There are plenty of tools you can use in implementing a good idea. And plenty of ways to generate a lot of ideas. But how do you figure out what to do when you have a lot of ideas and only a limited resource set? Today, we’ll look at one method to heard your cat-like brainwave, affinity mapping.
Affinity maps, also called affinity diagrams, are all about taking lots of ideas and whittling them down into manageable buckets. The easiest way to do so is to set up your idea generation the right way from the start. This means getting a clear understanding of the issue (think “how do we increase revenue 10% with minimal investment?”, not “improve performance!”). As ideas are generated, put them on sticky notes and post them up on the wall to be reviewed. It might look a little something like…
Ideally, you’re going to have at least 20 ideas on the wall. If not, go back to the generation phase. You need to think more before you start actions.
Next, the ideas you have generated are sorted into these categories by the entire team, and this is the fun part, without discussion. Why? It helps you focus on the idea on the page, not the history (“That’s never worked before!”), the feasibility (“We’ve never found a way to do that!”) or the personal connection (“You just put that up there because you want to hire my sister!”) It’s fine to move things that have been moved already. It’s fine to move someone else’s idea. Just keep going until the sorting slows to a crawl.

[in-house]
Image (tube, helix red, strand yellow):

Not all notes will find a home. Some ideas are real outliers. They are often the really, really good ones. Or the really, really bad ones. Either is OK at this point. If no one can figure out where it belongs, let it stand alone. If there are clearly strong feelings about placing an idea in more than one group, don’t get hung up on it. Make a duplicate of the idea and put it in both places. No big deal.
Once that is done, work as a team to create a headline or summary for each group. (Yes, it’s fine to speak to each other again. But if you really enjoy the silence, then keep it up.) For example, from our revenue question above, we might have groups that include:
- Product Innovation
- DSOs/Accounts Receivable
- New Channels for existing product
When complete, your idea board will look more like this…
Now you have a mass of ideas that are somewhat sorted. You can take the buckets and break them down further, eliminate duplicates or ideas that aren’t feasible, and work toward deciding if any of these are valid solutions to your problems.
If you’ve used this method and have additional thoughts, or if you have any questions on it, please feel free to leave a comment below!